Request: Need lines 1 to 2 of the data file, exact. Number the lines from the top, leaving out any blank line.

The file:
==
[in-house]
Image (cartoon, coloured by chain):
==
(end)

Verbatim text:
[in-house]
Image (cartoon, coloured by chain):